So, it’s, as far as I’ve seen, like ERP hasn’t been modular enough or what is it like, it has to be able to like, can you go back to your ERP vendor and say, ‘I want a new feature.’ How easy is it to get new features to kind of gut with the times as they’re changing because it seems like people do get scared of being boxed in. And from my standpoint, I’ve never got to decide anything about an ERP, but you know, once it’s there, everyone has to use it. And I think there’s a lot of money that gets spent on that training because I’m an engineer, and I’m pretty good with instructions, and I had to be shown, you know, three or four times the same thing because it’s so intricate how to put the parts and where they come from, and you know, there were just too many things inside of making these assemblies on top of our normal engineering work is just like, sucks. If we have any other engineers in the crowd today, drop a note in the chat so Ali can feel some love from her fellow engineers. Thanks.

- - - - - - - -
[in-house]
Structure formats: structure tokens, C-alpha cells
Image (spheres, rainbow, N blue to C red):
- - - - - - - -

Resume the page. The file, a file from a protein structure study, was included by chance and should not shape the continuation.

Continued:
Dany, I love the hair. I think when I first connected with you, you maybe had purple hair. Today we’ve got more of a teal blue, a little bit of maybe some green in there as well, so love the look, and I always enjoy checking out what you’ve done with your hair. So, nice, nice branding. I would like to have you do a super quick intro about yourself, and then one of the things that constantly comes up with companies implementing ERPs is how hard the implementation process actually is from start to finish. There’re so many moving parts, so many moving pieces, getting people to actually adopt. So, would like to have you talk about some best practices that you’ve maybe experienced yourself or with clients around successful implementations.